With reference to FIGS. 13-18, the flexible suture anchors 50a, 50b will now be described in greater detail. Each flexible anchor 50a, 50b can be an elongated member having first and second ends 502, 504. The first and second ends 502, 504 can be substantially perpendicular to the longitudinal axis of the flexible anchors 50a, 50b. The flexible anchors 50a, 50b can be made of resorbable or non-resorbable materials, including braided suture, sponges and sponge-like materials in solid form, perforated materials, woven/braided from biocompatible materials or fibers, such as, for example, polymer, polyester, polyethylene, cotton, silk, or other natural or synthetic materials, including sponges and sponge-like materials. The flexible anchors 50a, 50b can have any properties that allow the flexible anchors 50a, 50b to change shape. The flexible anchors 50a, 50b can be, for example, compliant, flexible, foldable, squashable, squeezable, deformable, limp, flaccid, elastic, low-modulus, soft, spongy, perforated or any other flexible member which can change shape. In some aspects, the flexible anchors 50a, 50b can be coated with biological or biocompatible coatings, and can also be soaked in platelets and other biologics, which can be easily absorbed by the flexible anchors 50a, 50b in particular when, for example, the flexible anchors 50a, 50b are made from spongy, absorbent material.

It should be understood by the above description that the flexible anchors 50a, 50b are not configured to pierce or otherwise penetrate tissue either with the first and second ends 502, 504, which are blunt or with any other portion thereof. The flexible anchors 50a, 50b can be loaded on the exterior of the distal end 256 of carrying wire 220, as will be discussed in greater detail below. The flexible anchors 50a, 50b can be in the form of an elongate flexible tube defining a bore 508 along their length, as shown in FIG. 18.

The first and second flexible suture anchors 50a, 50b can be coupled together with a flexible suture or strand 512. The flexible strand 512 can have first and second ends 514, 516 and can be made of braided filaments or fibers of biocompatible material, including natural and synthetic fibers, such as cotton, silk, polymer, polyester, polyethylene, thin wire, suture, and other materials. The flexible strand 512 can be braided in a tubular or hollow form such that it forms an internal passage 520 between the first and second ends 514, 516.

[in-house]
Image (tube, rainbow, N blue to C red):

A small knot or other retaining device 518 can be optionally formed adjacent the first end 514. The flexible strand 512 can be passed through a first opening 528 of each of the flexible anchors 50a, 50b, guided along the corresponding bore 508 and passed through a second opening 530 of each flexible anchor 50a, 50b, as for example shown in FIG. 18. The openings 528, 530 can be positioned intermediately between the first and second ends 502, 504 of each flexible anchor 50a, 50b at a distance of, for example, one-quarter length from the ends 502, 504 of each flexible anchor 50a, 50b. Furthermore, it will be appreciated that the openings 528, 530 can be apertures or voids in the woven fabric of the flexible anchors 50a, 50b, such that the openings 528, 530 do not disrupt or break the weave of flexible anchors 50a, 50b, when the flexible anchor 50a, 50b are made of braided or woven material.

After the flexible anchors 50a, 50b are mounted on the flexible strand 512, the second end 516 of the flexible strand 512 can be inserted into the internal passage 520 of the flexible strand 512 at an aperture 534, guided longitudinally along the passage 520, and led out of the passage 520 of the flexible strand 512 at an aperture 538. The portion of the strand 512 between apertures 534 and 538 can form an adjustment portion 542 between the optional knot 518 and the opening 528 of the second flexible anchor 50b, such that the flexible strand 512 defines a single adjustable knotless loop 546, as shown in FIGS. 15 and 16. The second flexible anchor 50b can be slidably moved along the flexible strand 512 until the adjustment portion 542 is within the bore 508 of the second flexible anchor 50b and the knot 518 is adjacent the opening 528 of the second flexible anchor 50b, as shown in FIG. 17. It will be appreciated, however, that the adjustment portion 542 can remain in the position shown in FIG. 15 outside of bore 508. The adjustable knotless loop 546 is self-locking and does not require the surgeon to tie a knot during a surgical procedure for securing the flexible strand 512. Further, once the adjustable knotless loop 546 is self-locked by pulling the second end 516 of the flexible strand 512 and tensioning the flexible strand 512, friction prevents the adjustable knotless loop 546 from being loosened, thereby providing a secure lock. Additional details regarding forming the knotless adjustable loop 546, and additional adjustable knotless loop configurations are disclosed in co-pending and commonly assigned U.S. patent application Ser. No. 11/541,506, filed on Sep. 29, 2006, the disclosure of which is incorporated herein by reference.